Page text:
My father-in-law, Harry Byrd Elam, Sr., passed away last Thursday night, March 31, 2016. He died in the house he was born in back in 1932. From that you might guess he lived an uneventful life, but a lot happened during those 83-plus years between then and now.
Though Mr. Elam was known by his middle name to most who knew him, he was known as “Paw Paw” to his 10 grandkids (one of which belongs to my wife and me). Few people can claim to live in the small community named for their ancestors, but the Elams are from Elam, Virginia, and still own most of what came to them by a 400-acre land grant from King George II in 1745. (We liked to call Paw Paw the “Mayor of Elam” – population about 11).
That too is one line that does not tell much of the story. As with many families, time takes a toll, and land gets divided among siblings. If close watch is not kept, acres soon dissolve and wash away like dirt in a heavy rain. Paw Paw moved back to his childhood home to raise his family back in 1970 and set about rebuilding the land base. By the time he died all the original land, and some more, had been secured.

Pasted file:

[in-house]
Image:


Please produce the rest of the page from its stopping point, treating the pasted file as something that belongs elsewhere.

Mr. Elam’s father died when he was a teenager, and one might think options for a young man were limited under such circumstances, but Mr. Elam joined the Army, obtained money for school, and came home to attend Hampden-Sydney College. Though a farmer at heart, he loved math and physics. He graduated with a degree from Hampden-Sydney in physics in 1960.
Though a man of few words, sometimes he would tell us a story or two. He once described to me working towards his degree in physics. By the time he graduated only two remained in the major – him and one other fellow. He told me “the other guy was a lot smarter than me, I got lost in quantum mechanics.” And, this quiet and unassuming farm boy went on to work toward a Master’s degree in engineering studies from the University of Virginia.